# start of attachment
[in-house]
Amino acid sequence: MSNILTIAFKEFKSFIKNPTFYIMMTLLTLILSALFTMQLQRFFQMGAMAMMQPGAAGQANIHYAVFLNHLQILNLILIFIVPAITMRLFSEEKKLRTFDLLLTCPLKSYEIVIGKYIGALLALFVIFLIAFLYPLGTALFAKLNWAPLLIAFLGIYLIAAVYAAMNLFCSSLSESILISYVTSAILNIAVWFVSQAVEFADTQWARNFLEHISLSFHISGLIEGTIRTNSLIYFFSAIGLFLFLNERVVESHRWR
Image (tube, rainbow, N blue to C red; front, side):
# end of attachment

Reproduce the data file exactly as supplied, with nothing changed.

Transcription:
[in-house]
Amino acid sequence: MSNILTIAFKEFKSFIKNPTFYIMMTLLTLILSALFTMQLQRFFQMGAMAMMQPGAAGQANIHYAVFLNHLQILNLILIFIVPAITMRLFSEEKKLRTFDLLLTCPLKSYEIVIGKYIGALLALFVIFLIAFLYPLGTALFAKLNWAPLLIAFLGIYLIAAVYAAMNLFCSSLSESILISYVTSAILNIAVWFVSQAVEFADTQWARNFLEHISLSFHISGLIEGTIRTNSLIYFFSAIGLFLFLNERVVESHRWR
Image (tube, rainbow, N blue to C red; front, side):